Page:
Sermon January 21, 2018

Princeton Presbyterian Church (EPC) Sermon # 1334

Rev. Dr. Ed Pettus January 21, 2018 Acts 17.16-34

(This is an extended outline, not a verbatim transcript.)



"Finding Our Story"


  • A Nation Without Its Narrative/Story


I have admitted to you before that I am a Star Trek fan. One reason is the occasional allusions to biblical themes that you don’t get in television shows anymore. One scene that may not necessarily be a biblical theme but sure could be is when Lieutenant Worf is telling a story to some young Klingons and they protested that a particular detail in the story was impossible. One of the young Klingons says, “You're making it up.” And Worf responds, No. These are our stories. They tell us who we are.” (Birthright Part 1)

We would say the same thing about our biblical stories. They tell us who we are. But even more, they tell us who God is. The stories matter for both reasons, revealing the God who loves us and revealing who and whose we are. Stories matter. Family stories matter. Biblical stories matter. They tell us who we are.

The same can also be said about other entities. For instance, stories define nations. We might define stories as history or even stories that build the spirit of a nation. Their are historical facts and there are stories of character or spirit about a person or persons. One of the great concerns for out nation is that we have forgotten our story, partly because we have forgotten our history. When we lose our story, our narrative, we lose something of our identity. Amnesia sets in and the story of Christianity in developing a nation begins to erode. Values that once defined a nation begin to fall to those who would rewrite the narrative or replace the narrative altogether. When we lose our story, we lose our identity. It used to be that people who came to this country, they would learn to assimilate into the American narrative. They would become Americans of Irish decent, Americans of French decent, Americans of African decent...still carrying the heritage of ethnicity, but assimilated in such a way that America became your country, your land to defend and love, your new identity. But that does not seem to be the case many people these days, even among generations of citizens born here.

But this is not a sermon about our nation, it is a sermon about narrative and story and identity. It is a message about community and belonging and connections. It is a proclamation about the biblical narrative bringing meaning to the lives of all who are integrated into the narrative and become a part of the overarching story.


Acts 17 is a story about giving a narrative to a people seeking to belong and find their identity.



  • The Church of the Latest Thing”


The Greeks in Acts 17 were without a narrative, even without a god. Their religion was “The Church of The Latest Thing” (vs. 21). Does that sound familiar to our day and time. Everyone is looking out for the latest new thing, the newest philosophy or trending topic or viral video. “Get me the newest iphone or I will die!” We are a people empty of anything that tells a story or a history or a remembrance of lessons learned. The narrative of a nation connected to a Church is going missing. All that is left is “The Church of the Latest Thing”. Imagine for a moment if Paul visited the shores of the USA. Could he not easily have written verse 21 slightly altered?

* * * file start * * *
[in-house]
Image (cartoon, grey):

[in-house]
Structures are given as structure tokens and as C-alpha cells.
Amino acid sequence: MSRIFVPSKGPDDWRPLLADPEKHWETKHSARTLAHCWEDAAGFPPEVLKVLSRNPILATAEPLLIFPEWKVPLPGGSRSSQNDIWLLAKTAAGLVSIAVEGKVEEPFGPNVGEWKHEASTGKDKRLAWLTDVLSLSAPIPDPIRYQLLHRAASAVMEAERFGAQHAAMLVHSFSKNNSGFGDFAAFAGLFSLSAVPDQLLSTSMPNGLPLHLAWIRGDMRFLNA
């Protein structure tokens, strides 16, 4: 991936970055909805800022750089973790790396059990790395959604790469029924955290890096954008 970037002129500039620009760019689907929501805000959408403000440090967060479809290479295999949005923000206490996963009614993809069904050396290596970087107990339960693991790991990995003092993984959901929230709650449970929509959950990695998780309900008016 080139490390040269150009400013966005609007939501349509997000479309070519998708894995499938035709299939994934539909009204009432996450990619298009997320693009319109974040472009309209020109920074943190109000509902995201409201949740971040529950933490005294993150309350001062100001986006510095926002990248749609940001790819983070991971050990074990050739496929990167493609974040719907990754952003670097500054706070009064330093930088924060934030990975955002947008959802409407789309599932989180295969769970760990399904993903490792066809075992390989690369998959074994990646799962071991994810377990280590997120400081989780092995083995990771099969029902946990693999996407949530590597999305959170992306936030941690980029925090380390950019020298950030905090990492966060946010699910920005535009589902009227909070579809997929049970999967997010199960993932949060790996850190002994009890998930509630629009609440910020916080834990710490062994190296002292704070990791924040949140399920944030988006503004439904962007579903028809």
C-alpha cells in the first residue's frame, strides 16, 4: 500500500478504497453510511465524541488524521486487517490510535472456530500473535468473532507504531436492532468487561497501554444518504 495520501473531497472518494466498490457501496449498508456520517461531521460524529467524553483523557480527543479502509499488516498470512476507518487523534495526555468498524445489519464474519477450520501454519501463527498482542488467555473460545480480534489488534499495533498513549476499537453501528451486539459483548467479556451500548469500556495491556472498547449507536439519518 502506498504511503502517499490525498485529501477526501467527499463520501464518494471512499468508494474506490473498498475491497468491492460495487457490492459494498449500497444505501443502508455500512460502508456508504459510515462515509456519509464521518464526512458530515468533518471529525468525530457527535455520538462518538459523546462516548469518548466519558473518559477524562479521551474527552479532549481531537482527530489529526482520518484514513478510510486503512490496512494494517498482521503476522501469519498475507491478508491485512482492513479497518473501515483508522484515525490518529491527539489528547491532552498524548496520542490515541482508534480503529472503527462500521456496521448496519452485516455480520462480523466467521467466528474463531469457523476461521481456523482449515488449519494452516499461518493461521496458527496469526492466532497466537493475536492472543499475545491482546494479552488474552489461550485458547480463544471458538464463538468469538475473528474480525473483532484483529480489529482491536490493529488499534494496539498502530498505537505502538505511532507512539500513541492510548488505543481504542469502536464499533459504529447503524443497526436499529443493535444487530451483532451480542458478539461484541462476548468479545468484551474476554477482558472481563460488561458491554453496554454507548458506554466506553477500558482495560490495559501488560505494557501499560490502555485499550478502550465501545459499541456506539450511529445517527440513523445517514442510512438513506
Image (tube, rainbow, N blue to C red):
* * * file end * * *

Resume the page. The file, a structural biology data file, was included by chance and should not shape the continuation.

Now all the Americans and the foreigners who lived there would spend their time in nothing except telling or hearing something new.


The only word I changed was Athenians to Americans. Think about how people don’t want to submit to anything old but only to new things. The US constitution is threatened. The Bible is an irrelevant ancient text. US history has no bearing on present day issues. That’s how many people operate today and the sad part is that they are not even aware of the value and critical importance of all these things of old.



  • When the Narrative/Story Is Forgotten


So, what happens when a narrative is forgotten, when the story is abandoned. We look to our other reading for this morning, Isaiah 59, particularly verses 14-15a.


Justice is turned back, and righteousness stands far away; for truth has stumbled in the public squares,
and uprightness cannot enter. Truth is lacking, and he who departs from evil makes himself a prey.


Justice is turned many times do we see injustices in the very places where justice should abound.


Righteousness stands far away...I see this as doing the right thing. Maybe the greatest example of failing to do the right thing is seen time and time again in Washington DC.


Truth has stumbled in the public squares…This may be the most telling scripture of our nation, from the insistence that the Ten Commandments must come down to the inability to run one’s business according to the principles of faith and Scripture.


Truth is lacking...I don’t think I can add much here. Truth is absent in so much of our context.